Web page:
Standards, Design and Regulation for Infrastructure Development, Operations and Maintenance

Standards play an important role in disaster risk reduction and creating resilience. In order to be effective, they need to be rational, need to be enforced, and need to be updated regularly to keep pace with the evolving understanding of natural hazards and advancements in engineering technology. International standard setting bodies such as the International Organisation for Standardisation (ISO), the International Electrotechnical Commission (IEC) and the International Telecommunication Union (ITU), develop and provide such standards for countries to voluntarily adopt. Infrastructure standards under these bodies are regularly updated and are already incorporating resilience elements, towards achieving the targets of the Sendai Framework. For example, the United Nations Office for Disaster Risk Reduction (UNISDR) agreed in 2015 (within the context of the Sendai Framework) to work with ISO to develop new standards for disaster proofing cities.

National frameworks for design and construction standards need to be strengthened through better regulation, state-of-the-art technology, incentives (financial and non-financial) and innovation. These frameworks should incorporate the structural engineering aspects of physical infrastructure as well as for Operation and Maintenance (O&M) of this infrastructure. Lack of O&M standards can increase the impact of hazard events or even trigger new ones; for e.g. urban floods due to inadequate maintenance of sewage systems.

Key questions:

  1. Are emerging risk factors such as climate change manifestations being considered adequately while developing standards? What are the regulatory gaps that must be plugged to address these risks better?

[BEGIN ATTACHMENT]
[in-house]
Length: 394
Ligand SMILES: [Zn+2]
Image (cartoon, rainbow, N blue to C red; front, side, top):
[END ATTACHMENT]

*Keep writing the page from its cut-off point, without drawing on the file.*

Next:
2. Are the standards for operation and maintenance adequate for existing levels of disaster risk, without even taking climate change into account? Are they being suitably updated?
  3. How can enforcement of standards be improved? How can compliance be improved in cases where state capacity for enforcement is limited?
  4. How can regulation of professions play a role in improving compliance with standards?
  5. How can infrastructure be made “safe to fail’ (also part of the ‘build back better’ principle) so that in case of extremely rare events the infrastructure fails, downstream risks are minimised?

Recommendations from IWDRI 2018

Manual of practice for end users

A bouquet of state of the art standards must be made available for end users of information on resilient infrastructure. A more comprehensive manual maybe co-created made by experienced practitioners, government representatives and researchers to collate systematic knowledge in the field that provides necessary guidance to practitioners. The Coalition provides an important platform to capture lessons learned, best practices and their dissemination towards creating a required pool of knowledge.

Adopting a lifecycle approach for adaptive standards

Past statistical trends are no longer a good guide for future standards. Hence, “stationary, non-time variant” prescriptive standards must give way to evolving “adaptive” standards to continually tackle changes from climate risks and other externalities that impact the life span of infrastructure. The adaptive design framework may lead to “real options” that are pre-decided responses to changes in the infrastructure project environment.

Standards for soft infrastructure

The "systems approach" must attribute due importance to soft infrastructure. This underpins the vital knowledge base, supporting institutions and capacity development needs for technical specialists.

Interdisciplinary standard setting

Appropriate standards may provide the first line of defence against shocks and stresses. However, standards permeate through disjointed phases of procurement, design review and failure analysis. The “design phase” of any project is critical to enable comprehensive inclusion of good standards for resilience.

A multidisciplinary design phase that includes land-use planning, climate science, disaster management in coherence with the engineering sector can make for better informed decisions underpinning investment in resilient infrastructure.